It’s important to also develop a communication plan to share the same information with prospective candidates. As noted, the use of social media platforms has significantly increased since the start of the pandemic, and therefore it's important to leverage as many available channels as possible, ensuring that the content aligns with previously defined messaging to internal teams. Provide direction with regard to tone and style of the messaging as you want the content to be shared in a way that is motivating and inspires confidence and a positive mind-set in your target audience. Every video or image projected on your website or social media pages should account for situational awareness; e.g with many people still required to keep social distancing, it is not the best time to display pictures of the team having fun at a company picnic. Be mindful of the visual associated with recruitment messaging.

Keep lines of communication open

Ensure that lines of communication remain open across the organization for internal teams and monitor social media comments posted by prospective candidates. Monitoring feedback regularly helps reduce stress for internal teams and reduces confusion for external audiences.

Embrace diversity

A crisis period provides an opportunity for your organization to evaluate its recruitment process and focus. Emphasis on diversity and inclusion is essential to attracting and retaining talent from different cultures and ethnic and socioeconomic groups. The way that employees and candidates are treated during the crisis forms the message regarding the organization’s value on diversity and inclusion. In sum, valuing a diverse workforce means that the organization embraces differences and rewards differences. The messaging needs to be consistent with actions so pay attention to content and optics across all communication channels. For example, use language that is comfortable for a wide audience and include multi-ethnic group photos.

Share stories and build meaningful connections

Every interaction with candidates influences their perception of your organization in terms of culture and brand. Consider every communication with candidates as an opportunity to promote your organization by highlighting its culture and sharing its values. The goal is build loyalty and be perceived as a great place to work.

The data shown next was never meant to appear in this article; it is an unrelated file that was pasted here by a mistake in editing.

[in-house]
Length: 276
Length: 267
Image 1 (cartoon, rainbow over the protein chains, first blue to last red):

Find a meaningful connection between the actions your organization takes with regard to its handling of the crisis and the positive impact these actions have on your organization and its staff. According to a LinkedIn study published in April, the posts that have resonated the most with audiences have been those that illustrate how organizations are playing an active role in helping relief efforts and offer messaging that “puts people first” as well as posts that promote public health. For healthcare organizations this almost goes without saying as the day to day work of  clinical staff is to care for those most affected by the virus. However, posting stories and social media updates keeps the audience engaged and allows them to see the direct actions your clinical team is taking and how it affects them both personally and professionally.

Conclusion

Implementing a new approach to employer branding requires strategic planning, especially during periods of transition or crisis. Proactively listen to employee and candidate concerns, communicate consistently and openly, and share organizational goals and vision for the future with internal and external audiences. If your organization is able to do this you will build a strong employer brand that will stand the test of time no matter the storms that may come our way. The good news is that this is not a solo effort but should enlist the participation of company leaders, employees, as well as candidates who can provide an honest assessment of how well your talk matches the walk!

 

Don’t have a career website to tell your brand story? Consider building a recruiter mini-site on myHealthTalent.com.